You never know what you might find when you open an old drawer in the study of a National Trust property; like this stunning collection of old coins, for example
Imagine finding this stash of ancient coins stuffed in the back of a drawer; this is exactly what happened when volunteers at Scotney Castle went searching for photographs in a study.
The stumbled upon discovery, which experts are describing as a “significant and diverse collection”, comprises a grouping of rarely encountered coins that dates back through the Roman period to Ancient Greece.
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The vast collection, tucked away out of sight at the National Trust property in Kent, comprises 186 coins in total and spans twenty-five centuries of history.
It includes pieces from far-flung locations across the globe, including Syria and China. Others come from closer to home, including a late eighteenth century Welsh bronze token.
Research into family diaries in the archive suggests the coins were amassed during the nineteenth century by avid collector Edward Hussey III and his son Edwy. The Hussey family called Scotney Castle home for 200 years until it was left to the National Trust, who opened the mansion house to visitors in 2007.
The diary entries reveal Edward and Edwy’s dedication to the coin collection. An entry in Edwy’s diary recorded on February 2 1883 reveals how he “went to the British Museum with papa as he wanted to ask about some coins”. On 28th October 1894 Edwy “looked at the coin collection after dinner”.
The records also give insight into the purchase value of the collection in the nineteenth century. In Edward’s diary from 1823 the ‘Accounts’ section lists him purchasing ‘Coins’ priced from 4 shillings to 7 shillings and 6 pence.
Suggesting greater ambitions still for the collection, Edward’s memoranda books include a list of coins he wanted relating to English monarchs, alongside those outstanding from the Roman era.
The bulk of the collection is made up of Roman coins, ranging from the late second century BC to the late fourth century AD and it is possible that the Husseys, like many collectors, were trying to gather a ‘complete set’ of Roman rulers.
Despite the difficulty of this – Roman succession was complex and many coins of the shorter reigns very rare – they were close to achieving it.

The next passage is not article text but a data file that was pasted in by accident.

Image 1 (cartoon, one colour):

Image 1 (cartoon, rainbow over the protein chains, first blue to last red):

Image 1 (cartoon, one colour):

Julian Bowsher, the MOLA numismatic specialist who examined the coins said it was “a delight, as a coins specialist to examine such a significant and diverse collection”.
“A particular highlight was seeing Roman coins that rarely appear in Britain” he added, “such as those of the 3rd century emperors Balbinus, Pupienus and Aemilian, none of whom ruled for more than a year.”
The Hussey’s collection of first century emperors (leaving out empresses and caesars) is missing just one piece whilst the second century collection is remarkable too, again only lacking a single coin of the short lived Didius Julianus who reigned in AD 193.
The oldest coin in the collection is a silver token from Archaic Greece and the seventh century BC
But just like today, the business of collecting in the 19th century one was a tricky one, and the collection contains a forgery – a 19th century western copy of a denarius coin of the short lived Roman emperor Otho. Signs of forgery include the coin being cast rather than struck, with edges filed to disguise this leaving an uncharacteristic flat edge. Genuine Otho coins, only minted in gold and silver, are very rare.
The oldest coin in the collection is a silver token from Archaic Greece and the seventh century BC. The quarter stater is one of the earliest struck in Europe and comes from the tiny island of Aegina. It features a clear depiction of a sea turtle – a creature sacred to Aphrodite.
A coin that seems out of place in the collection in terms of origin and age, is a nonetheless beautiful Welsh penny token dating to 1787 featuring a hooded bust of a Druid within a thick oak leaf wreath with one acorn below the tie. It has text on its reverse that reads: ‘We promise to pay the bearer one penny, 1787’ and on the rim: ‘On demand in London, Liverpool or Anglesey.’
As to the moment of discovery of this impressive numismatic haul, Henrike Philipp, part of the volunteer team that found it, says, “The Hussey family lived at Scotney for two centuries and collected a wealth of objects and memorabilia.
“Ever since the Trust took on the house we’ve been discovering things in drawers, cupboards and in the mansion archives, such as medieval papers, First World War diaries and books by celebrated landscape gardener William Gilpin.
“Discoveries of rare coins such as these don’t happen often, so this has been especially exciting. We can’t wait to see what we will find next.”
The coins are now on display as part of a new exhibition, Inside the Collection, celebrating ten years since the Trust opened the Scotney Castle mansion to visitors. Other objects on show include beautiful Ming vases, and letters from Wallis Simpson and Margaret Thatcher who both had close connections to the house.
Inside the Collection is open 11am to 3pm for visitors to Scotney Castle until February 4 2018. Access is by timed ticket and is free with admission.
Scotney Castle - National Trust
Tunbridge Wells, Kent
The moated 14th century castle and landscape of Scotney together make this one of England's most romantic places. Created in the 1830s by Edward Hussey who had the imagination to transform the medieval Scotney Castle from derelict dwelling to quaint ruin, thus forming the focus of his picturesque landscape garden,…